External Affairs Minister S. Jaishankar signed comprehensive partnership agreements on migration and mobility with German Foreign Minister Annalena Baerbock in New Delhi on Monday. The two Ministers held wide-ranging talks focusing on ways to ramp up bilateral cooperation, especially in areas of energy, trade and climate change.
On conclusion of the talks, Mr. Jaishankar said that India and Germany have a common interest in ensuring a stronger and safer global economy.
“The agreement on migration will ease mobility issues. We hope the visa challenges (for Indians to Germany) will be resolved too,” he said. He also expressed concern for Ariha Shah, a baby that was taken from Indian parents by German authorities.
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Ms. Baerbock said the purpose of the migration agreement was to make it easier for students and researchers from India to go to Germany, and for German investors and businessmen to find it easier to travel to India.
Ms. Baerbock arrived in New Delhi this morning on a two-day visit, four days after India formally took over the presidency of the G20 grouping.
In a statement, Ms. Baerbock described India as Germany’s “natural partner” and that the country will have a decisive influence in shaping the international order in the 21st century.
“The Indian Government has set itself ambitious goals not only in the G20 but also at home for its own people. When it comes to expanding renewable energies, India wants to push ahead with the energy transition more than before. Germany stands by India’s side,” she said.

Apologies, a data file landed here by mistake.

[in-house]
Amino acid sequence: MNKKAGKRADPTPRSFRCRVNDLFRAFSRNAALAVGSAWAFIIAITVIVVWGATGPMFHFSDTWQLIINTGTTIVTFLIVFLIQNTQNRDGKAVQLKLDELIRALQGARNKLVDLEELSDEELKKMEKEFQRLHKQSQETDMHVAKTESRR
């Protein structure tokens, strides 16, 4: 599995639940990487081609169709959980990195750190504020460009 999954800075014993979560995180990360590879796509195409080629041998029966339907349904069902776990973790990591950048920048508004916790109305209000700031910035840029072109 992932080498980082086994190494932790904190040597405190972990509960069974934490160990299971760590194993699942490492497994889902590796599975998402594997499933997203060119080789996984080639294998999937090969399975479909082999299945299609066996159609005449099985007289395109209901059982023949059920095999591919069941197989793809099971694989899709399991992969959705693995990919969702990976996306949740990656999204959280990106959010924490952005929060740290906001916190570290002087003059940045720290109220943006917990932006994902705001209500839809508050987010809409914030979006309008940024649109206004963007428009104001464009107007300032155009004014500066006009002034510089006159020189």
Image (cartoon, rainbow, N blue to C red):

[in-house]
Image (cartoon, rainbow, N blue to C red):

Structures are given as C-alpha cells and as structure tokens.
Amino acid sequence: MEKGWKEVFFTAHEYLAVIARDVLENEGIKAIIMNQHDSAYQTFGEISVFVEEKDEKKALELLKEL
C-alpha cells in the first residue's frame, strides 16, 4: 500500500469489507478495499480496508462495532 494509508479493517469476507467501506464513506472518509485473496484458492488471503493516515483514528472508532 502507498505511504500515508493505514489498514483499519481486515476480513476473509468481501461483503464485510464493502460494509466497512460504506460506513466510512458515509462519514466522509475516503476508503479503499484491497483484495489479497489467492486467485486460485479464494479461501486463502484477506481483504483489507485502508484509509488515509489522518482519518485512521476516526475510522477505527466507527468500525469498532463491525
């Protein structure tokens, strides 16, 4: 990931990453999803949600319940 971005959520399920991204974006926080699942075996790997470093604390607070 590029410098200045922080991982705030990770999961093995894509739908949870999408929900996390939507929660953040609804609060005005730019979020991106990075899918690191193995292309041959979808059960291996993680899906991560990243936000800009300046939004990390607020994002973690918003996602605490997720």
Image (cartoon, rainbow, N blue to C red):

“Because the dramatic effects of the climate crisis affect us all, destroying livelihoods in Europe as well as in India. That we want to strengthen our economic, climate and security policy cooperation with India beyond our strategic partnership, are not empty words,” she added.
The German Minister said she and Mr. Jaishankar had an “open exchange” on issues with democracy and human rights, adding that “Seventy-five years after the murder of Mahatma Gandhi, India and Germany have a close engagement on democracy, human rights and rule of law”.
On India’s neighbours
The two Ministers also discussed matters relating to Pakistan, Afghanistan and China. “We had fairly intense conversation on Afghanistan and Pakistan,” said Mr. Jaishankar. “We spoke about the challenge of terrorism. We engage Pakistan on bilateral issues, but we cannot have talks when there is terrorism. The German side understood this.”
Ms. Baerbock noted that China was a partner, competitor and strategic rival. “The whole region can see China has changed in recent years. We have a new Indo-Pacific policy, refocusing ties with China,” she said.
When asked if India was a substitute partner for Germany instead of China, the German Minister denied it and said, “We want to build a partnership of values with India, which is the largest democracy.”
On Russian oil
With the ongoing oil crisis in Europe following Russia’s invasion of Ukraine, Mr. Jaishankar said that European governments understand India’s position on Russian oil, “but I wish European media would get it too”.
“We have discussed with Russia how to expand our trade. If you compare, most European countries have multiple times that trade,” he said. “The EU has imported more fossil fuel from Russia than the next 10 countries combined.”
Given that energy sources are finite, Europe cannot make choices to prioritise its energy needs but ask India to do something else, he said.
The ties between India and Germany are on an upswing in the last few years.
Ways to expand bilateral economic engagement and defence collaboration figured prominently in a meeting last month between Prime Minister Narendra Modi and Chancellor Olaf Scholz on the sidelines of the G20 summit in Bali.
In May, Mr. Modi visited Berlin for the sixth India-Germany Inter-Governmental Consultations (IGC). It was followed by his visit to Schloss Elmau in Germany for the G7 Summit at Chancellor Scholz’s invitation.
(With inputs from PTI)